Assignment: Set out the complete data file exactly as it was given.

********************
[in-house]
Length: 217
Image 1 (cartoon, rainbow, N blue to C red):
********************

[in-house]
Length: 217
Image 1 (cartoon, rainbow, N blue to C red):